AMELIA ISLAND, FLA. — With a paradigm shift in consumer eating habits, salty snacks are poised for revolutionary growth, said Robert Sarlls, president and chief executive officer, Wyandot Inc., Marion, Ohio and second vice-chairman, SNAC International.

“A dramatic increase in the frequency of snacking, combined with a sea change in how people consume food, are redefining our market opportunity,” Mr. Sarlls said.

Speaking at SNAC International’s Executive Leadership Forum (ELF), held Sept. 27-29, he outlined a bullish perspective for the state of the $24 billion salty snack food industry.

“We expect it to grow by at least $5 billion over the next five years,” he said. “This is an extraordinary opportunity for all of us. We just have to pick our spots and be smart.”

Robert Sarlls, president and chief executive officer, Wyandot Inc. and second vice-chairman, SNAC International
Mr. Sarlls noted that more than 90% of consumers snack regularly — and at all times of the day. Additionally, the latest consumer research shows that 7% of all Americans essentially eat no regular meals.

“The sit-down meal is going away in the millennial household,” he said. “That’s a phenomenal metric for our industry.”

Alternative snacks, such as protein bars and bean chips, are growing “uber fast,” he added. Bean snacks are expected to grow by 25% through 2020 while chickpea-based items will increase by 35%, according to data from Information Resources, Inc., a Chicago-based market research firm.

 Not surprisingly, 88% of consumers are willing to pay more for foods they perceive as healthy.

“How you play within this space is up to you,” Mr. Sarlls noted. “The key is to develop quality products, a unique brand position, and consistent management. Most important, follow as well as anticipate the changes taking place with the snacking consumer.”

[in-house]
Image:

In this traditionally indulgent category, taste reigns, with 63% of individuals indicating they eat snacks as a “treat for myself.”

Such growth in snacking has drawn a new generation of investors, Mr. Sarlls stated. Not unexpectedly, many of these are larger snack companies partnering with incubator brands. But there is also important interest from private equity firms. He called food “the new tech.”

“Be alert,” Mr. Sarlls warned. “Many of the people coming into our industry have no food background, yet they want to tinker with what we make,” Mr. Sarlls said.

He advised fellow ELF attendees to prepare for more change ahead.

“If you think there was a lot of change in the last 50 years, we expect the next five years to be just as explosive,” Mr. Sarlls observed.

“Things are moving rapidly, and we all need to stay, as leaders of our businesses, very attuned to what’s going on and make sure we remain very relevant with consumers,” he advised.